Most professional historians who write books tend to write nonfiction works in their particular field of study. Simon Sebag Montefiore has not only done that with his studies in Russian history, his biographies of Soviet dictator Josef Stalin were both award-winning bestsellers. Montefiore has since decided to apply his knowledge to the world of historical fiction. And while he may not find the same success with his first novel, Sashenka, his skills as a historian are fully on display and put to use.
We first meet the title character, Sashenka Zeitlin, in 1916, the 16-year-old daughter of a wealthy Jewish arms merchant in St. Petersburg. While her father has ties to the Tsarist regime and her mother socializes with Rasputin, Sashenka has been captivated by Marxism. Her uncle trains her to become a Bolshevik operative who, among other things, is encouraged to try to turn a high-ranking police official into a double agent — who intends to do the same with her. By the time the Tsarist regime falls, Sashenka becomes a secretary for Lenin.
Montefiore then takes us to 1939. Sashenka has become the model Soviet woman. She and her husband, an official in the NKVD, are among the Communist upper echelon who have survived Stalin’s “Great Terror.” Even though Stalin himself is a guest in their dacha, they ultimately discover that the end of mass purges doesn’t render even loyal longtime Communists immune from the whims of Stalin and his secret police apparatus When we last see Sashenka in this section of the book, she is writing a confession in the NKVD’s Lubyanka Prison.
The novel concludes in 1994, after the fall of the Soviet Union. A young Russian historian is hired to solve the mystery of what ultimately became of Sashenka and her family. This is actually where Montiefore’s fiction talents are at their best. He manages to turn a plot based largely on someone digging through Communist archives — both open and closed — into a rather gripping story. This undoubtedly reflects what Montiefore himself has been through in writing his biographies of Stalin and enables him to turn a young female historian into a sleuth whose efforts have a surprising resolution.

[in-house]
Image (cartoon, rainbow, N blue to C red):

One problem with the work, though, is that this section comes more than 350 page into the book. The book’s descriptions of pre-revolutionary Russia and Stalin’s Soviet Union will undoubtedly intrigue and entertain those with an interest in Russian history. Still, even they at times may feel somewhat worn by the amount of detail and some character usage that feels a tad disjointed. This also poses the risk that the detail may be too extensive to retain a reader more keen on a fast-paced story than a leisurely exploration of early 20th Century Russian life. Pleasure delayed may, in fact, turn into pleasure denied for some readers.
This is also a somewhat narrow, albeit interesting, examination of a particular slice of Russian life. Montiefore indicates in the acknowledgments that he wanted to write about how “an ordinary family” coped with these tumultuous periods. But Sashenka and her family aren’t really an ordinary family. They were among the aristocratic class in Tsarist Russia. Until themselves coming afoul of Stalin, they were among the Communist elite in the U.S.S.R. Their tale is ordinary only in the sense that, like millions of other Russians, they suffered through the pangs of revolution and the cruelty of Stalinist Russia. Sashenka is much more a tale of Bolsheviks and Stalinists grinding up and eating their own than a look at the everyday lives of average citizens..
That said, although Montefiore’s writing style is more expansive than in his nonfiction works, the ability to tell a story that made Stalin: The Court of the Red Tsar and Young Stalin bestsellers helps make the novel equally readable. Montefiore is successful in using a novel to take us inside significant historical periods in Russia and his background particularly helps illustrate the maze of Stalinist politics and tyranny. That cannot be said for the first foray into the world of fiction for many nonfiction writers.
These archives are as sacred as Golgotha. … The very paper smells of blood.
Simon Montefiore, Sashenka